“What I think was behind it: Being losers”
The words from an incredible interview with the uncle of the two suspects of the Boston Marathon bombing.
Incredible, but also troubling for many reasons.
The uncle, Ruslan Tsarni talked with reporters from Montgomery Village, Md. disassociates himself from his nephews, says he is embarrassed, appears to call them losers and says he has not seen them for years.
From the interview, Tsarni has found success in this country and expresses his love and devotion for America.
He has won but his brothers' family did not. Which duality just might underscore the tensions underlying another drama unfolding on the world political stage and upon our nation's capitol today--the future of immigration reform.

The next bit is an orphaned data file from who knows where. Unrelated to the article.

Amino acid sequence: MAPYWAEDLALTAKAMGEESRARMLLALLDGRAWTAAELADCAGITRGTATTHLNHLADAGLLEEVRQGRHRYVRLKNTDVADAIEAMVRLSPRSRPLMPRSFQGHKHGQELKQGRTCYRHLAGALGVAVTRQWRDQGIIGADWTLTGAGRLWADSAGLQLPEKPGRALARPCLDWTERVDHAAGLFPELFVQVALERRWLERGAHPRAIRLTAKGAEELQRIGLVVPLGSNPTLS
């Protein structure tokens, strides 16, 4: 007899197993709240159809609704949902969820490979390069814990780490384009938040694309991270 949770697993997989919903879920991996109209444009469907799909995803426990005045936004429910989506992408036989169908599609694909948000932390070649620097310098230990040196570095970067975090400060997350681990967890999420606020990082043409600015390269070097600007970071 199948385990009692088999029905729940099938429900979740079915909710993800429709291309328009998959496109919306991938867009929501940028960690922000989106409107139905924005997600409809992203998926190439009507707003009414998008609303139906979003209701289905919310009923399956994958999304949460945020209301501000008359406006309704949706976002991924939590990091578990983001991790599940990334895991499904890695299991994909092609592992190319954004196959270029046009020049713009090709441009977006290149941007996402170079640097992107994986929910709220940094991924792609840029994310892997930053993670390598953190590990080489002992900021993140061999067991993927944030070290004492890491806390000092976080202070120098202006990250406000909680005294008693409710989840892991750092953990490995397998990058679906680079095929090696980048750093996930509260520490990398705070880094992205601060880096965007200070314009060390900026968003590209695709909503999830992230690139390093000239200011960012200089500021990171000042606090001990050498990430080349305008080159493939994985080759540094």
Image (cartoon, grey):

to date, most of the opposition to the compromise reform legislation headed by Cuban-nationality Republican U.S. Senator Marco Rubio of Florida, has been against the Hispanic community. They are the faces behind the growth and social costs of the "despised" illegal immigration.
Today, however, the immigration issue is not just Hispanic. The young men accused of the horrific Boston disaster, the city symbolic of American patriotism are Chechen. Their family are from Chechnya.
So, how will this revelation of immigrants inflicting terror upon us play out on a matter before Congress today?
Here is a quote from a poster on Google+, whose expressions of anger and hate could resonate especially due to the Boston Massacre and due to decades of middle eastern terror.
Hopefully these words reflecting a xenophobic attitude could be from a mere minority of Americans and only as an emotional response from this week's tragic events. It might, however, be indicative of just how the Boston bombing could massacre the present and future hopes of millions wanting to be winners in a land born of huddled masses and immigrants.
WATCH VIDEO BELOW
Does the incident this week impact your views on immigration reform? Talk about the issue below:
|Want more Louisiana news?|
|Louisiana News||Baton Rouge News|